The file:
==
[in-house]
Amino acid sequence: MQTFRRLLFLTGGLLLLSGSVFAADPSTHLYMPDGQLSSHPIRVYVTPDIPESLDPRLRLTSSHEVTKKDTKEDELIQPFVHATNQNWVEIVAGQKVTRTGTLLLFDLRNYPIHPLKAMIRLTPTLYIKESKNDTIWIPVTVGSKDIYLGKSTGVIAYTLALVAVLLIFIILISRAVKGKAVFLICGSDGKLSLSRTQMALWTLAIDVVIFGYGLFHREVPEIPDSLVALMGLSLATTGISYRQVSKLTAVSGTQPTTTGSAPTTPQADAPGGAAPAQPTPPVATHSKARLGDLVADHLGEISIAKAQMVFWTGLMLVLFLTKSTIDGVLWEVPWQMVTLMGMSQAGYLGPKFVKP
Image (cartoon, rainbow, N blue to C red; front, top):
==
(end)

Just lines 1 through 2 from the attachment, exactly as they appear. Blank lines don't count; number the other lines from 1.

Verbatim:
[in-house]
Amino acid sequence: MQTFRRLLFLTGGLLLLSGSVFAADPSTHLYMPDGQLSSHPIRVYVTPDIPESLDPRLRLTSSHEVTKKDTKEDELIQPFVHATNQNWVEIVAGQKVTRTGTLLLFDLRNYPIHPLKAMIRLTPTLYIKESKNDTIWIPVTVGSKDIYLGKSTGVIAYTLALVAVLLIFIILISRAVKGKAVFLICGSDGKLSLSRTQMALWTLAIDVVIFGYGLFHREVPEIPDSLVALMGLSLATTGISYRQVSKLTAVSGTQPTTTGSAPTTPQADAPGGAAPAQPTPPVATHSKARLGDLVADHLGEISIAKAQMVFWTGLMLVLFLTKSTIDGVLWEVPWQMVTLMGMSQAGYLGPKFVKP